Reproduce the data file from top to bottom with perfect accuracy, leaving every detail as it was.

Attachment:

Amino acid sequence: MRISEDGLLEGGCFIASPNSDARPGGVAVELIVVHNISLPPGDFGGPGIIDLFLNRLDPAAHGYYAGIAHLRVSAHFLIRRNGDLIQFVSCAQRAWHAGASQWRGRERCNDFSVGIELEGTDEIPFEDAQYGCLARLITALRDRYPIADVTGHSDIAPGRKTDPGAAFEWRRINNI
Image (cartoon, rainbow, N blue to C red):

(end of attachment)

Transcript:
Amino acid sequence: MRISEDGLLEGGCFIASPNSDARPGGVAVELIVVHNISLPPGDFGGPGIIDLFLNRLDPAAHGYYAGIAHLRVSAHFLIRRNGDLIQFVSCAQRAWHAGASQWRGRERCNDFSVGIELEGTDEIPFEDAQYGCLARLITALRDRYPIADVTGHSDIAPGRKTDPGAAFEWRRINNI
Image (cartoon, rainbow, N blue to C red):